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Tick-borne recurrent fever. Description of 5 cases.

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Abstract

BACKGROUND:

Tick-borne relapsing fever (FRGT) is a worldwide zoonosis. The
disease is caused by spirochetes of the genus Borrelia, and is transmitted to man by ticks of the genus Ornithodoros (O. erraticus in Spain).

METHODS:

5 FRTG cases attended in our hospital in a 2 years period are described. Diagnosis was established in all cases by demonstration of borreliae in peripheral blood. Three Borrelia strains were isolated from blood of 3 of our patients and they are maintained by passages through mice.

RESULTS:

High fever, tachycardia and headache were noted in all cases accompanied in 2 of them by hepatosplenomegaly. Three of the patients complained of arthromyalgias or lumbar myalgia. Treatment with doxycicline was curative in all of them.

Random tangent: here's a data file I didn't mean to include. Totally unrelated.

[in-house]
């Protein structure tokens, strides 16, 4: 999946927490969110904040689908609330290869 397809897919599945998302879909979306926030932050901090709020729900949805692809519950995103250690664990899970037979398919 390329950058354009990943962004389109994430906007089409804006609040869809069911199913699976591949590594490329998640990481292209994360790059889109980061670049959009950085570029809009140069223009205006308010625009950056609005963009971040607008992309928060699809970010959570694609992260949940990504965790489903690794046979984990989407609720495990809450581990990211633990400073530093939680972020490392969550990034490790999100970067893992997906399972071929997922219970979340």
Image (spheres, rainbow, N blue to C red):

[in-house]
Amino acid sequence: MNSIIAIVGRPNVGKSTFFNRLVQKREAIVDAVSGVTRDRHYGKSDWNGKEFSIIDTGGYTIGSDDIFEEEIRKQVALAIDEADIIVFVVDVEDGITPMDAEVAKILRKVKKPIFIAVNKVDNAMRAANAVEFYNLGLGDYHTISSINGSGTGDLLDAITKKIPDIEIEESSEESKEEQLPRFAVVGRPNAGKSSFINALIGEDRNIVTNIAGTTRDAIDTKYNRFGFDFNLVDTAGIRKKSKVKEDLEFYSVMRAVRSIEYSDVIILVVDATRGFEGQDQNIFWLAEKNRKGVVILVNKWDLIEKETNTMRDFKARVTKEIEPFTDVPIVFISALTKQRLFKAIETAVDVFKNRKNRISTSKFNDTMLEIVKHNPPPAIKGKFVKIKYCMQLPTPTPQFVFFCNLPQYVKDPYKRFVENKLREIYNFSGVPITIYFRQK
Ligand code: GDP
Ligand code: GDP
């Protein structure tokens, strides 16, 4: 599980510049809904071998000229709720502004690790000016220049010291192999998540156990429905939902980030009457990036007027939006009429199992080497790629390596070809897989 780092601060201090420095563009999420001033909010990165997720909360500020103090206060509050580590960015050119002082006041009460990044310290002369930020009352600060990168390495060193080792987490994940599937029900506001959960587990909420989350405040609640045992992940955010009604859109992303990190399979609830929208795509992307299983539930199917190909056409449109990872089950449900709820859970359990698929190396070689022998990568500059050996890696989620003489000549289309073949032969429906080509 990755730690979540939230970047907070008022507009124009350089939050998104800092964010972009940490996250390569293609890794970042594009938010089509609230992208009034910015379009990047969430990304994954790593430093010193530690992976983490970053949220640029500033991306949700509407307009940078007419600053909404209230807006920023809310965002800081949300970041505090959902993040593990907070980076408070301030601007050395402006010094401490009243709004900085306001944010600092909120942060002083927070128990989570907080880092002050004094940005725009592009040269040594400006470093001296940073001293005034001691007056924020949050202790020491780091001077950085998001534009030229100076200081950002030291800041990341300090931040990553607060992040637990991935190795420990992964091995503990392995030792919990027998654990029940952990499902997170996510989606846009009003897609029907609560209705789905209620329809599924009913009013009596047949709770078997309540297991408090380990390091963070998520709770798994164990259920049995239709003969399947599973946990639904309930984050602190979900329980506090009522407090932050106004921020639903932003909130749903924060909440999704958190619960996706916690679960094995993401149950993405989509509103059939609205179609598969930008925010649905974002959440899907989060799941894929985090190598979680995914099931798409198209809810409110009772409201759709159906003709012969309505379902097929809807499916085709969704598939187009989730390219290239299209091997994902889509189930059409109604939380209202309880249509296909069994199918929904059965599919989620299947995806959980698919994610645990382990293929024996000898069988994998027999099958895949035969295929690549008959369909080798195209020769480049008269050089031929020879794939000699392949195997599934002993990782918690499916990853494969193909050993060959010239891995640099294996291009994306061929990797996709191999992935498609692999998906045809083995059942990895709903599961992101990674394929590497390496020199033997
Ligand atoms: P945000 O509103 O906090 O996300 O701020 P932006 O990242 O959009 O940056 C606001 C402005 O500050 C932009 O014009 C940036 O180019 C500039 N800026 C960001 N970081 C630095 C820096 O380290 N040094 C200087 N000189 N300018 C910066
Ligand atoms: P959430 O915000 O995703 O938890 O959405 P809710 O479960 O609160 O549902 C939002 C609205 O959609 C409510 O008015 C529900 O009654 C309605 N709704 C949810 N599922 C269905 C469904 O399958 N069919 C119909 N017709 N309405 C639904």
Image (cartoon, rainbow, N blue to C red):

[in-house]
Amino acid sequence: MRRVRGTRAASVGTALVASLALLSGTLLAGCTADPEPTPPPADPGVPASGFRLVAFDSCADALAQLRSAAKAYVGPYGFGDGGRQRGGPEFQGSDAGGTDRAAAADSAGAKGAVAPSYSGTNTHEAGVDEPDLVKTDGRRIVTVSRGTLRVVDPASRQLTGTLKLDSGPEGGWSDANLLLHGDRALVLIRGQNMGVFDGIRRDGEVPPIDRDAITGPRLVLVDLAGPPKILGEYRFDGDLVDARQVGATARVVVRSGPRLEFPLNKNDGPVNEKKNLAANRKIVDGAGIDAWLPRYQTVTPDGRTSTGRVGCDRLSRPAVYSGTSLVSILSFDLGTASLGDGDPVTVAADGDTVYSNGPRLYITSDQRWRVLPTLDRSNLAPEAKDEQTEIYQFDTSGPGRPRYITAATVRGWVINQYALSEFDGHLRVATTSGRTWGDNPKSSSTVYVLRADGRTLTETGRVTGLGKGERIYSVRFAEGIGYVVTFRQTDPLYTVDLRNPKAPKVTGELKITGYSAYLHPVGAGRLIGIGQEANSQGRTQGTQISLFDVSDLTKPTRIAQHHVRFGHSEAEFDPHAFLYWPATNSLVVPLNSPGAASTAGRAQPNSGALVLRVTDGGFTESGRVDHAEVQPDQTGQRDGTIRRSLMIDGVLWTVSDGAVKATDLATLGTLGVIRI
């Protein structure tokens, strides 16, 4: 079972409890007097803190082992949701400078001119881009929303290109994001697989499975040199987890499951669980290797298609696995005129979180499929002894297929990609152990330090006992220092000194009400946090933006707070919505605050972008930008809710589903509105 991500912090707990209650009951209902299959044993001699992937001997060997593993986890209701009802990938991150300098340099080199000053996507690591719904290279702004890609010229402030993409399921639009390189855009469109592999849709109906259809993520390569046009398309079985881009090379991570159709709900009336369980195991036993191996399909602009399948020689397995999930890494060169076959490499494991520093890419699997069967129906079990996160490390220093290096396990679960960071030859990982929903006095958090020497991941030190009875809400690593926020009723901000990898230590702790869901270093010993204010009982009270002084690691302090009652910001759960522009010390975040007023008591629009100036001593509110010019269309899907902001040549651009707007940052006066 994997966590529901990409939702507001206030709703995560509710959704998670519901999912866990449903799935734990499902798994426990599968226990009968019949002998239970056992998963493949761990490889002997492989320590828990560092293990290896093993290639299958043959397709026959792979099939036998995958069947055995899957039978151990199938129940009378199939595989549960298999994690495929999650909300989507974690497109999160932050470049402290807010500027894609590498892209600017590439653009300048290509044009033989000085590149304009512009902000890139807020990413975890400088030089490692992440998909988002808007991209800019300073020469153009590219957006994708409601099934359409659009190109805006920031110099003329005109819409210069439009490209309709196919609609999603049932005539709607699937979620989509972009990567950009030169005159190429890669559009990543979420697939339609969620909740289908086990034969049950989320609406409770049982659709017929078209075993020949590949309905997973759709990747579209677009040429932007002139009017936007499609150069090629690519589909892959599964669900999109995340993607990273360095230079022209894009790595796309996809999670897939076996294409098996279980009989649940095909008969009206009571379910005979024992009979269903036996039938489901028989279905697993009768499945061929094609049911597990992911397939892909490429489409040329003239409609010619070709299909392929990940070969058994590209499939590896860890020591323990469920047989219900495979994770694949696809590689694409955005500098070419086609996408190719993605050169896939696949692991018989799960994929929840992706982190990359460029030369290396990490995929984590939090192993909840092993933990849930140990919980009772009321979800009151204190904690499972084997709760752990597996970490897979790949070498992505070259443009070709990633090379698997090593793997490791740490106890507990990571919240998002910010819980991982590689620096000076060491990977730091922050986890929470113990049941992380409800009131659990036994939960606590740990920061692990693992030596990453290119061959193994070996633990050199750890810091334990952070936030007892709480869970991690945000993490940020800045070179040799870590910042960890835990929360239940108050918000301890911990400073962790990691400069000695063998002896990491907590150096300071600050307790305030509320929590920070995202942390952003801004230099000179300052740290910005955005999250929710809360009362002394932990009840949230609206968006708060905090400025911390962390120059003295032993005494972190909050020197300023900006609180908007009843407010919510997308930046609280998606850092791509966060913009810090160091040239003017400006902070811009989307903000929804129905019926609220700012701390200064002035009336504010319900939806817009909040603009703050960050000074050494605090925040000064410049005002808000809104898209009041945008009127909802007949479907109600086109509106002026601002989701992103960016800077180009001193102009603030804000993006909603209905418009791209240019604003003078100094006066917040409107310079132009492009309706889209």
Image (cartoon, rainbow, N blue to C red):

CONCLUSIONS:

FRGT incidence in our country is probably underestimated due to the low suspicion of the
disease and the specificity of the clinical symptoms. The isolement of the causative Borrelia strain will allow the development of more specific serological tests necessary to establish the prevalence of this
disease as well to assess its implication in chronic diseases, as is observed in other borreliosis (i.e.
Lyme disease), that might be missed at this moment.

Enferm Infecc Microbiol Clin. 1997 Feb;15(2):77-81. Case Reports; English Abstract; Research Support, Non-U.S. Gov’t

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